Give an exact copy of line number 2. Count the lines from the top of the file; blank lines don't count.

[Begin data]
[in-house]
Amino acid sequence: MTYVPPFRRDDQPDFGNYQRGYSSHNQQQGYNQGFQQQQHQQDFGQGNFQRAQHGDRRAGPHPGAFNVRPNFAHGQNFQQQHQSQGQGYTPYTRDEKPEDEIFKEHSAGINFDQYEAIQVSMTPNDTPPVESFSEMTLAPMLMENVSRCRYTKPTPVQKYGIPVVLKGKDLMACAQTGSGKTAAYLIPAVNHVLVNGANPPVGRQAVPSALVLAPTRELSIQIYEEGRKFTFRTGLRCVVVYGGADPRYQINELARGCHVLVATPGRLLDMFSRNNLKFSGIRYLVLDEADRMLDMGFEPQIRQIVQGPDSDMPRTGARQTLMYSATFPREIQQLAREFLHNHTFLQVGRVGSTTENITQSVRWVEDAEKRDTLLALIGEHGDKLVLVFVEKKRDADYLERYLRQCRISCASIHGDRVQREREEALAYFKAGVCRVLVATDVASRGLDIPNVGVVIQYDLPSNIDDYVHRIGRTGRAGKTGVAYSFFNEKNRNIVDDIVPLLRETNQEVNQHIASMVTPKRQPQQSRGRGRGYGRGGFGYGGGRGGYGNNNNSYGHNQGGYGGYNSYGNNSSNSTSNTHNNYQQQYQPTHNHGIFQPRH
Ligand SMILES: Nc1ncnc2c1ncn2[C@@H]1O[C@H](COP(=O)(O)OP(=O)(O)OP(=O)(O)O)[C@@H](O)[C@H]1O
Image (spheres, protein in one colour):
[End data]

Amino acid sequence: MTYVPPFRRDDQPDFGNYQRGYSSHNQQQGYNQGFQQQQHQQDFGQGNFQRAQHGDRRAGPHPGAFNVRPNFAHGQNFQQQHQSQGQGYTPYTRDEKPEDEIFKEHSAGINFDQYEAIQVSMTPNDTPPVESFSEMTLAPMLMENVSRCRYTKPTPVQKYGIPVVLKGKDLMACAQTGSGKTAAYLIPAVNHVLVNGANPPVGRQAVPSALVLAPTRELSIQIYEEGRKFTFRTGLRCVVVYGGADPRYQINELARGCHVLVATPGRLLDMFSRNNLKFSGIRYLVLDEADRMLDMGFEPQIRQIVQGPDSDMPRTGARQTLMYSATFPREIQQLAREFLHNHTFLQVGRVGSTTENITQSVRWVEDAEKRDTLLALIGEHGDKLVLVFVEKKRDADYLERYLRQCRISCASIHGDRVQREREEALAYFKAGVCRVLVATDVASRGLDIPNVGVVIQYDLPSNIDDYVHRIGRTGRAGKTGVAYSFFNEKNRNIVDDIVPLLRETNQEVNQHIASMVTPKRQPQQSRGRGRGYGRGGFGYGGGRGGYGNNNNSYGHNQGGYGGYNSYGNNSSNSTSNTHNNYQQQYQPTHNHGIFQPRH